Nissan Skyline

1968 C10 Series

The first all new Skyline model since the Nissan / Prince merger was released in 1968.


In 1966 the Prince Motor Company merged with Nissan. Before this, when Prince was a seperate company, the main Passenger car in their model line-up was the Prince Skyline.
The Skyline name dates back to 1957 when the first Skyline, the ALSI model came out. In 1963 an all new Skyline called the S50 went on sale, and it was sold as a direct competitor to the Datsun Bluebird. In reality the S50 Skyline wasn't really in the same class as the Bluebird, it's finish and appointments were always slightly better, which really put it in a class slightly above that of the Bluebird. Plus it had the larger 1484cc 73hp G-1 engine, which certainly put it in a higher performance class. This was reflected in it's selling price, which was above that of the Bluebird.
After the merger the Prince name was dropped, and for a while the S50 series was sold as a Nissan Skyline. Within Nissan the Prince engineers carried on developing their own cars in development programs that were seperate from the Nissan designers. They certainly shared information, and everyone knew what the others were up to, but they just went about doing their own thing. By late 1966 the Prince designers had started work on the replacement for the S50, which would be known as the Nissan Skyline C10.  

As well as designing the new Skyline the engineers had been working on a new engine, which was a radical departure from the old pushrod G-1 engine. In 1962 Prince had become the first Japanese car manufacturer to put an overhead cam engine into a production car, with the large Prince Gloria sedan being fitted with a Prince designed OHC 2 litre 6 cylinder engine. They had also developed a double overhead cam version of this engine which had powered the Prince R-380 race car which had gone on to break several endurance records. All this experience would be put to use on the new passenger car engine for the C10. There would be two versions of this new engine, the larger 1800 version would be used in the Prince designed Nissan Laurel C30, while a smaller 1500 version would power the Skyline C10. The engine was called the G-15, and it was a 1483cc 94hp 4 cylinder engine. The cylinder head was alloy and was an overhead cam design, but rather than having the intake and exhaust ports on the same side, this engine was a cross flow, with the intake and exhaust ports on oposite sides. This engine flowed beautifully and the 94hp it produced from 1483cc was quite impressive.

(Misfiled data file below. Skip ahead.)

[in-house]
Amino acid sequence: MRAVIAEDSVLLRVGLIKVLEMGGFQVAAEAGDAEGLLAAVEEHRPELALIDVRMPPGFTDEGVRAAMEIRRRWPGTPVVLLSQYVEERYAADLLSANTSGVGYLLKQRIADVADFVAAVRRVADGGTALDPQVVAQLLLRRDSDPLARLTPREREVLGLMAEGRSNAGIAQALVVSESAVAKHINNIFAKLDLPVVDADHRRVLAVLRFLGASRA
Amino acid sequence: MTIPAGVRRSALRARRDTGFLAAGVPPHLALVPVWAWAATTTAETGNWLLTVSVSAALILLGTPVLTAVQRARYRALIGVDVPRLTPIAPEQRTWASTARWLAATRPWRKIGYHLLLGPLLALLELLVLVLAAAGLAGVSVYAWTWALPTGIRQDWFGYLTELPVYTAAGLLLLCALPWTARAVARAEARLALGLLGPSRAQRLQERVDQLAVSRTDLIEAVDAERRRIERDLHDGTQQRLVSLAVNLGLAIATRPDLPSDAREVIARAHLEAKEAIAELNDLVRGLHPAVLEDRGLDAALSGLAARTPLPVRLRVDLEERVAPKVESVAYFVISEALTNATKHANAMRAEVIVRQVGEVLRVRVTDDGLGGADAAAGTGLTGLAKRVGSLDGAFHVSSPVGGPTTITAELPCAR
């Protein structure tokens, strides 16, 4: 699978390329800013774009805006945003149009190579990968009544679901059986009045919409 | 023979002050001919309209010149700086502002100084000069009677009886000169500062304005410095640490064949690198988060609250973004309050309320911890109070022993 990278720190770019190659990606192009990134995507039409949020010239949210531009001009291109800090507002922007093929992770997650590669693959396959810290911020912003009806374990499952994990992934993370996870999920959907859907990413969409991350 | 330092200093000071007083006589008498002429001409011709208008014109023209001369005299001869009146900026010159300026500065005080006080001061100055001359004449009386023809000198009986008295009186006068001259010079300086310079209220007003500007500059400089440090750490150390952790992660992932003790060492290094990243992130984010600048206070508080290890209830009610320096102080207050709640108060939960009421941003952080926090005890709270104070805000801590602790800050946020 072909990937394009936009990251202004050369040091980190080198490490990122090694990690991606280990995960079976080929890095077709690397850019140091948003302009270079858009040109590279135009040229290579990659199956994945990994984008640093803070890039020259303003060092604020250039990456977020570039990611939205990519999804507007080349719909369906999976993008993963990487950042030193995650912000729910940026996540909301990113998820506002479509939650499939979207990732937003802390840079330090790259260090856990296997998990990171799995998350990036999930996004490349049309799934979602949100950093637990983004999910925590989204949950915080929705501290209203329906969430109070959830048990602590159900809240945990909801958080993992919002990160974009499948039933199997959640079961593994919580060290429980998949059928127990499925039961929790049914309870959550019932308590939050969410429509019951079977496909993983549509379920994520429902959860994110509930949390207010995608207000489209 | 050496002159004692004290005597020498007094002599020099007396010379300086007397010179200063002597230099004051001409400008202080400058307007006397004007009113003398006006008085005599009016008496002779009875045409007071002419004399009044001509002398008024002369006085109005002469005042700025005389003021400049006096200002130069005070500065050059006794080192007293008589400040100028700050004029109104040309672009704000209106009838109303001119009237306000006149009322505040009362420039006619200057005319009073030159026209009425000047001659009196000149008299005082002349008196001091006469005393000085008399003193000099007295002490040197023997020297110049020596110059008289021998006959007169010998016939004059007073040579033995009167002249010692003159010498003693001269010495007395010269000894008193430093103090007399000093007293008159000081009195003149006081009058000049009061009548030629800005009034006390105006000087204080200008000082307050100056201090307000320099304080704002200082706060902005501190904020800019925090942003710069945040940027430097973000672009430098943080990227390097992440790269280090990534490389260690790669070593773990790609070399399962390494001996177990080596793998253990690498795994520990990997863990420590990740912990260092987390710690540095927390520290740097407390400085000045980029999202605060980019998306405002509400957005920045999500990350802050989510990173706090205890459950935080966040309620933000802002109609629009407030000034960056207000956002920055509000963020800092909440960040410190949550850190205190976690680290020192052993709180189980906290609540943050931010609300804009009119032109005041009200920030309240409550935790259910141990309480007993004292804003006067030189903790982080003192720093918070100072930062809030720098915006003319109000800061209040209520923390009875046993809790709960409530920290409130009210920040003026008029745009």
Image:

The car itself was quite a different beast. The previous S50 was a very pretty and rather effeminate looking design, with soft flowing line and delicate looking trim pieces. The C10 was the opposite. Even it it's base model mode it had an agressive look to it, with lots of sharp edges and creases. Pretty it wasn't, but masculine and purposeful it was. The design team was headed up by a Prince designer called Shinichiro Sakurai. Sakurai had an image in his head about how he wanted the creases on the side of the car to look. He wanted to give the car the impression that something with a sharp edge was pushing outwards from within the car. He was having trouble explaining this to the designers, so the next day he came to work with a blank painter's canvas in a frame, and a wire coat hanger. He bent the wire coat hanger into the shape he required and pressed on the back of the canvas to demonstrate the look he was after. If you look at the side of the car, particularly on the rear guards just above the wheel opening, you can see the look of the wire pressed on the canvas.